Looking similar to a USB flash drive and easily hidden, Juul electronic cigarettes have rapidly grown in use among teenagers. Dubbed by some the “iPhone of e-cigarettes,” Juuls are so popular that “juuling” has become a verb, a particular type of “vaping,” the word used to describe e-cigarette use in general.
Like other e-cigarettes, Juuls consist of a mouthpiece, a reservoir for liquid nicotine solution, a heating element and a battery. E-cigarettes come in many forms, from slim “vape pens” to palm-sized rectangular “box mods,” with a wide range of customized devices on display across the internet. Juuls are easy to use, helping to make them the top brand of e-cigarette—they account for 55% of overall sales—and they are also easy to hide, making them popular among high school and even middle school students, raising concerns among school systems across the country.
E-cigarettes do not contain many of the known cancer-causing ingredients found in traditional cigarettes, which may make them a less harmful choice for adults who already smoke, although it is unclear at this point whether they are an effective way to help people quit. Meanwhile, as of 2016, vaping as a fad had introduced more than 750,000 teenagers who had never smoked to nicotine, a highly addictive substance.
While some e-cigarettes have nicotine-free versions, this is not the case with Juuls, which have some of the highest nicotine concentrations on the market. In addition to the potential for addiction, this also makes it easy for teens to overuse. Many calls to the NNEPC related to e-cigarettes involve teens and adults who have become sick from overusing these products, experiencing symptoms such as headache, upset stomach and anxiety. On top of this, many teens may not realize Juuls contain nicotine. A recent study found that nearly 2 in 3 teens and young adults who used Juuls did not realize that all Juuls contain nicotine.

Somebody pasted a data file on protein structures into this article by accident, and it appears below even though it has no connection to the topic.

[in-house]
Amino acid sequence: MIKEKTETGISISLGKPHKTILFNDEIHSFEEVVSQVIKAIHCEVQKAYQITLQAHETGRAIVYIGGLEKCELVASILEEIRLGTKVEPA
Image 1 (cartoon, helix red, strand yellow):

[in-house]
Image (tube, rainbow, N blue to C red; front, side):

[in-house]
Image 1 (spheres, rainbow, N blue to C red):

The long-term effects of e-cigarette use won’t be known for some time, but there is strong evidence that introducing addictive substances to teens’ developing brains can make them more susceptible to other addictions later in life. One study has also found that teens that use e-cigarettes are more likely to transition to traditional cigarettes, as well.
It’s important for teens to understand the risks related to e-cigarette use. The surgeon general’s office and the CDC have produced a tip sheet for parents to get the conversation started about nicotine use.
If someone is feeling sick after using e-cigarettes or tobacco products, call the poison center right away at 1-800-222-1222, chat online or text POISON to 85511.